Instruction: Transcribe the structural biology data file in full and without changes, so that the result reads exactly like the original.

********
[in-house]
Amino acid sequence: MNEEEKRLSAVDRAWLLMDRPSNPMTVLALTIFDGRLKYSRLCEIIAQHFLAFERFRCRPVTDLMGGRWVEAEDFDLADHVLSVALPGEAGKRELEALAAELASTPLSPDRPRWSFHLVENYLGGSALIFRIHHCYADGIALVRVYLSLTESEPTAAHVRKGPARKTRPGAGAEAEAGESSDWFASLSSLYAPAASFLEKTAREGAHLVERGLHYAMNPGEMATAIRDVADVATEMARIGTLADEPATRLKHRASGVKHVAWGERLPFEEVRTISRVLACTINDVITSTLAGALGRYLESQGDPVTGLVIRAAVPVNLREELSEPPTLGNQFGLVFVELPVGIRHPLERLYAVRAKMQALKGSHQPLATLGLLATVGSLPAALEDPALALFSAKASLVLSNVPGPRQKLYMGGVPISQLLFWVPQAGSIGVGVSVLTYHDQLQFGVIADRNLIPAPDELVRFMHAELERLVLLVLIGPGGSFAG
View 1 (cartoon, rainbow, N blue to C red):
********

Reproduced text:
[in-house]
Amino acid sequence: MNEEEKRLSAVDRAWLLMDRPSNPMTVLALTIFDGRLKYSRLCEIIAQHFLAFERFRCRPVTDLMGGRWVEAEDFDLADHVLSVALPGEAGKRELEALAAELASTPLSPDRPRWSFHLVENYLGGSALIFRIHHCYADGIALVRVYLSLTESEPTAAHVRKGPARKTRPGAGAEAEAGESSDWFASLSSLYAPAASFLEKTAREGAHLVERGLHYAMNPGEMATAIRDVADVATEMARIGTLADEPATRLKHRASGVKHVAWGERLPFEEVRTISRVLACTINDVITSTLAGALGRYLESQGDPVTGLVIRAAVPVNLREELSEPPTLGNQFGLVFVELPVGIRHPLERLYAVRAKMQALKGSHQPLATLGLLATVGSLPAALEDPALALFSAKASLVLSNVPGPRQKLYMGGVPISQLLFWVPQAGSIGVGVSVLTYHDQLQFGVIADRNLIPAPDELVRFMHAELERLVLLVLIGPGGSFAG
View 1 (cartoon, rainbow, N blue to C red):